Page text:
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Reporter for satirical weekly badly beaten by Gabon president Bongo's bodyguards

Gabon President Omar Bongo Ondimba.

Habib Papy Boubendji, an investigative journalist with Le Nganga, a satirical weekly in Gabon, was badly beaten by soldiers inside the presidential compound in Libreville on the night of December 5, Reporters sans Frontières (RSF) has reported. Boubendji, also known as Habib Bibalou, is now in intensive care in a military hospital near the capital where only his wife is allowed to visit him.

"The beating that Bibalou received and the unanswered questions surrounding it are totally unacceptable," Paris-based RSF said. "We urge the Gabonese authorities to publicly explain the attack and to provide information about Bibalou's present status and state of health."

The press freedom organisation added: "This incident could easily have ended tragically, with one more name being added to the grim list of journalists who have 'disappeared' after falling into the clutches of an African president's bodyguards."

RSF got its information independently from various sources that corroborated each other. According to the sources, Bibalou received a severe beating from soldiers inside the presidential compound on the evening of December 5 after being summoned to the president's office.

The next morning, members of the gendarmerie's General Directorate of Investigation (DGR) left Bibalou at a military training hospital 9km outside Libreville and since then he has been in its intensive care unit, where only his wife may visit him. He reportedly has facial bruising, two broken ribs and a broken leg.

Bibalou's colleagues at Le Nganga have stopped going to work since the beating for fear of being arrested as well. The newspaper's editor, Loïc Bitéghé, cannot be reached. A local source told RSF that Bibalou was first summoned to the president's office on December 2, when he was received by President Omar Bongo Ondimba. Thereafter, he went back to work until the second summons.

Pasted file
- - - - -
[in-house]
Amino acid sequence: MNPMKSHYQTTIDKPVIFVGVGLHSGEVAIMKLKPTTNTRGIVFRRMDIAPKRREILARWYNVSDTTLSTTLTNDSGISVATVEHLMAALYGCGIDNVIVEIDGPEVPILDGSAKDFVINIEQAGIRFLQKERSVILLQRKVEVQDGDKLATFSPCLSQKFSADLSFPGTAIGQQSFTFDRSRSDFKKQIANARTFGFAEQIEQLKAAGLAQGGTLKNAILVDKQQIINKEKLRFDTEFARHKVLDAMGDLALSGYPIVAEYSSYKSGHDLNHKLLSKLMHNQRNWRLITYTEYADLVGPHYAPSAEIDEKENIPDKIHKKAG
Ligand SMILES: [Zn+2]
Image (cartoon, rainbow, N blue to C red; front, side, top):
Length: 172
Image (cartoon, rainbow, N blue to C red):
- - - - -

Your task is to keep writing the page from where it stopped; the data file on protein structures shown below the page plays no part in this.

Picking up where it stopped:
In a front-page story for Le Nganga's November 27 issue (of which RSF has a copy), Bibalou suggested that the president's chief of staff, his daughter Pascaline Bongo, could have been responsible for the possible embezzlement of 600 million CFA francs (approx. US$ 1.1 million).

The story included a copy of a memo signed by Pascaline Bongo on October 26, 2006 asking "the public treasury to urgently disburse the necessary funds" for a road-building project in an outlying suburb of the capital to be executed by BJN Gabon, a local company.

Although the money was released, "any Libreville driver can tell you that the road network that needed so much money (more than 600 million CFA francs) is largely unchanged," Bibalou wrote in his article. "Does this mean BJN Gabon did not get all the funding for the work? Or did the money find its way to another destination? Or are we to suppose that this company and the president's staff agreed not to put it all into the project, to the point of deliberately sabotaging OBO's policy."

Although nominally a democracy, Gabon is in practice the personal fiefdom of President Bongo and his family, according to RSF. The privately-owned media try to survive, often taking orders from versatile and readily corruptible politicians. Gabon was ranked 110th out of 173 countries in the latest RSF press freedom index.

Date posted: December 13, 2008 Last modified: May 23, 2018 Total views: 327